The chief executive of the Financial Conduct Authority Andrew Bailey continues to be the bookmakers' favourite to take over from Mark Carney as Bank of England Governor, despite recent scandals that may have harmed his chances.
Bailey, who took over from Martin Wheatley as FCA CEO on 1 July 2016 to steer the UK through the Brexit process, having been appointed by former Chancellor George Osborne, is a current 2/1 shot with Betway to secure the job.
But a pair of recent scandals, including the still-running Neil Woodford saga as well as the collapse of London & Capital Finance, have seen his odds widen. In April, he was as shot as 1/2 to take over, according to comparison website Oddschecker.
The suspension of the LF Woodford Equity Income fund, run by the UK's highest-profile stockpicker, has served to shine a light on the FCA's oversight of the investment industry. Bailey and the FCA has been criticised - like many other institutions - for its role in the saga
Bailey will give evidence to MPs on Tuesday, where he is likely to propose a 'long-term asset fund' aimed at averting liquidity crises like the Woodford one. The hearing is widely seen by many as an audition for the BoE top job.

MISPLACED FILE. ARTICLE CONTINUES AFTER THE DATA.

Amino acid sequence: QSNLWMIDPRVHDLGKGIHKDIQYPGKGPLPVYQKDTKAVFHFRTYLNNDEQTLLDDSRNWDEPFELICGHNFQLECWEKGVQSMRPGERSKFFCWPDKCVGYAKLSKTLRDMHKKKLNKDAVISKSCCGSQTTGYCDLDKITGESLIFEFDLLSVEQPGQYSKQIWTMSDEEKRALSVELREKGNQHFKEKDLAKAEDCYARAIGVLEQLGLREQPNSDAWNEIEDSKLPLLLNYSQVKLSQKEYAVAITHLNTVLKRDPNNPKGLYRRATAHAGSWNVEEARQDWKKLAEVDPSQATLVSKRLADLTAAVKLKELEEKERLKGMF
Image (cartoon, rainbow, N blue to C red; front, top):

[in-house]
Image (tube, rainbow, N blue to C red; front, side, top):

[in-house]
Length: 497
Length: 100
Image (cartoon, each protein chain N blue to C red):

John Mann, a labour MP on the Treasury Select Committee, said: "Getting a grilling is good for the system, but [Mr. Bailey] is probably not thinking that right now.
"Brexit really is the issue and that is where he is on comfortable ground. With the intricacy of negotiations with the European Central Bank and others, that expertise might be immediately needed."
Bailey has refused to confirm whether he has applied for the £480,000-a-year job, but continues to edge out Raghuram Rajan, former governor at the Reserve Bank of India, as favourite. Rajan is currently the second favourite at 9/2.
Others in the running include former BoE deputy governor Minouche Shafik at 11/2, as well as current deputy governors Dave Ramsden and Ben Broadbent at 10/1 and John Cunliffe at 11/1.
Reports had suggested current Chancellor of the Exchequer Philip Hammond would decide to select Carney's successor before he leaves his role, which is expected once Theresa May officially steps down as Prime Minister.
However, a weekend report in the FT suggested that would not be the case and that Hammond would leave it to his replacement in order to not rush the selection.
Bailey had previously headed up the Prudential Regulation Authority from its creation in 2013, having been in a senior role at its forerunner the Financial Services Authority before. He joined the BoE in 1985, holding a number of key roles including private secretary to the governor and chief cashier.
Source: Investment Week
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